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Charles Brainerd, chair of Cornell's Department of Human Development and an expert in the scientific study of human cognition, discussed the effects of normal aging and diseases of late adulthood on memory, March 1, 2012 as part of the Cornell Faculty Career and Life Speaker Series.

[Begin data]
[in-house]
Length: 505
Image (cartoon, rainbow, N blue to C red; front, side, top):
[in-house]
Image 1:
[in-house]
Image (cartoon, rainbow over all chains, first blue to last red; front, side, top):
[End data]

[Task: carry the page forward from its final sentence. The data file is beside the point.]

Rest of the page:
Brainerd contends that declines in memory for life events are a normal part of healthy aging; that memory declines are not across-the-board; that these declines are concentrated within a narrow set of abilities that is often called "verbatim" memory; and that some of the most important memory abilities are spared even for people in their eighties and nineties. More extensive memory declines, he says, are the main diagnostic symptoms of the two most common forms of cognitive impairment in older adults: mild cognitive impairment and Alzheimer's dementia.